Wasilla students learn by building

Posted: Tuesday, May 28, 2002

WASILLA (AP) -- The half dozen workers perched high on the roof of the home could nearly pass for a regular construction crew.

They had leather tool belts around their hips, safety goggles strapped on their faces and they were busy tacking roof shingles down with nail guns.

The giveaway was the bright yellow school bus parked in front.

Class was in session for Wasilla High School teacher Ken Rezendes. Instead of books and pens, Rezendes hands his students table saws, nail guns and Sheetrock.

It's part of a Matanuska-Susitna Borough School District program aimed at teaching kids the basics of construction and giving some a leg up on careers.

For the past few weeks, about 30 sophomores, juniors and seniors in the construction trades class have been working on the roof of a house off Hiawatha Drive just north of Wasilla.

It's the latest of more than a dozen homes that Mat-Su high school students have built over the years. Similar programs exist around the state. But the Mat-Su program, which dates back 30 years, is one of the oldest.

It's come a long way since the first year when the students' $4,000 A-frame blew away -- twice -- said retired teacher Howard Lowery, who started the program. When finally completed, that A-frame sold at an auction for $9,000 and provided the seed money that got the program rolling.

Over the years, the teens have built 15 houses, from modest one-story ranches to a two-story colonial with delicately carved porch columns. Their biggest project so far was last year's sprawling 3,300-square-foot house, complete with a three-car garage.

Like the others, the latest home, a 1,140 square foot ranch, will be sold. The proceeds, estimated at about $120,000, will be used to finance construction of future houses.

The program is run under a nonprofit company. The only cost to the district are the salaries of Rezendes and assistant teacher John Phillips.

Or as Rezendes puts it: ''We earn every penny for every nail.''

About 45 students participate in the program each year. Most are boys, but a few girls sign up. Some are intimately familiar with the aisles of Home Depot while others are still getting the hang of using a hammer.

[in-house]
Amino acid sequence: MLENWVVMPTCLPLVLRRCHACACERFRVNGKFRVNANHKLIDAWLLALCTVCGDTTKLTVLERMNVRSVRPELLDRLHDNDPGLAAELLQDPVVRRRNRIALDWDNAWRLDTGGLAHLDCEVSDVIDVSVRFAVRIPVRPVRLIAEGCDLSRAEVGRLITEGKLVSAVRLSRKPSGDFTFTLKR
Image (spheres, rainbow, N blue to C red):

The students are responsible for nearly every detail of the home construction, including researching which lots to purchase.

They also design the home, frame it, pour the foundation, put in tile and install wallpaper.

Students said they like getting out of the classroom. They find the hands-on work more engaging than trying to learn from a textbook.

''You can see what you're doing right,'' said junior Arnie Mead, 17.

Or in some cases what goes wrong. At one point, an entire wall needed to redone because the nails hadn't gone in right, he said.

Rezendes, who joined the program 14 years ago, likes for students to add special touches that remind him of New England, where he built homes before moving to Alaska.

Those accents include covered porches and hand-carved columns. He's also had students put in curved stairways and install porches made with brick, a material rarely used in Alaska because of the high costs of getting it here. The homes often stand out among the more generically framed structures that dominate the Valley.

''I kind of like it when people are driving by and you see the brakes come on,'' Rezendes said.

About the only thing the students don't do is clear the land. They also get help with the plumbing and wiring, Rezendes said.

Gerald Rexrode bought a student-built home in 1994.

Left behind were a few touches of the teen-age kind, including graffiti in the basement and what looks like cleat marks in the kitchen linoleum. But they did a good job overall and added artistic touches, such as molded archways between the rooms and carved columns on the porch.

''I like the fact that it's different,'' said Rexrode, a retired telephone company worker.

The latest project is one of the smallest houses the students have built. They started it last fall and worked through the winter, even on days when the temperature dropped below zero.

''It took a little while to get going on those days,'' Mead said.

Mead and senior Jamie Roberts, 18, said they plan to work construction jobs this summer. It beats flipping burgers, said Roberts.

For students, the benefit of the class is learning a skill they can immediately put to use at good wages, Rezendes said. Contractors regularly call every spring looking for students he can recommend for work.

Tyson Sena, 20, who graduated from Wasilla High last year, is working as a house painter and said the class motivated him.

''To tell you the truth, a lot of people out there, they just don't do anything,'' he said. ''This class gave me a lot of heads-up on growing up, that it's better to get ahead and that kind of thing.''

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